Does your cat seem to have an urge to destroy your home furnishings with vicious scratching? Cats need to scratch, and must have adequate available scratching opportunities to satisfy their impulses. The veterinarians at Animal Care Center of Castle Pines are experts in cat behavior. Although it may seem impossible, you can teach your cat where and what to scratch. If you want to stop your cat from scratching your carpet and furniture, read on to learn more.

Why Do Cats Scratch?

Scratching is a natural instinct and perfectly normal cat behavior. Cats have scent glands in their paw pads, and scratching is one of the ways they mark their territory. All cats need to scratch to maintain the health of their claws, and they need access to a textured surface that they can sink their claws into. Never declaw—this procedure causes lasting health and behavior problems. Cats who have been declawed are less likely to use the litter box and more likely to bite. You can’t stop a cat from scratching, but you can encourage appropriate scratching behavior. 

Behavior Training

Never scold your cat for scratching. If you catch your cat in the act of destroying the furniture, make a sound that indicates your disapproval. You can clap your hands or shake a jar of pennies and then redirect their attention to an appropriate scratching place. If your feline is a catnip aficionado, try rubbing some catnip on a scratching post to encourage good behavior. You can also try covering inappropriate scratching places with a material that cats definitely do not want to get their paws on—aluminum foil or sticky double-sided tape, for instance.

Location, Location

Placement might be the reason kitty chooses to scratch certain furniture. Cats usually stretch and scratch to mark their territory when they wake up from a nap, so place a scratching post near your cat’s favorite sleeping spot. Cats often scratch when they get excited, like when you arrive home from work. Try placing another scratching post near the front door for when kitty greets you. More than one scratching post is always best; convenient scratching options will help prevent your cat from destroying your carpet and furniture.

Make it Fun!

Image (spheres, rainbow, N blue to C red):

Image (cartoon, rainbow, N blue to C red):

Cats need engaging, stimulating play to keep from getting bored. Scratching posts come in many styles—cat scratchers can hang from door knobs, stand upright, or lie on the floor. What’s your feline’s scratching style? Some cats like to reach up to scratch, others like to stretch their front paws out and stick their rumps high in the air when they scratch. Your cat might like one type of scratching post better than another, or prefer a variety of different scratching options. 

DIY Scratching Posts

You don’t have to spend a lot of money to satisfy your cat’s urge to scratch. Try making your own scratching posts—this could be as simple as wrapping some jute twine around a scrap of wood. If you’re handy, you could build a multi-functional scratching board that doubles as a magazine stand (or, more likely, a cat nest). You can even build a cat house out of old cardboard boxes—your kitty will love the new hiding place and enjoy scratching the cardboard to bits. All you will need is some cardboard, a box knife or scissors, and a non-toxic adhesive, like school glue. You can cut out little windows for your cat to peek through or build multiple stories.

Contact Us

Animal Care Center is here to help if you have concerns about your cat’s health or advice on how to stop a cat from scratching furniture. As a certified member of the AAHA, you can depend on us for expert care and advice. We are currently open during our regular hours for emergency services and prescription pick-up, and we are strictly following all AVMA and CDC recommendations. For more information about our COVID-19 protocol, click here. Our phones are busier than usual at this time, so if it’s not an emergency please send a message to info@animalcarecenter.com

 

Photo by Timo Volz on Unsplash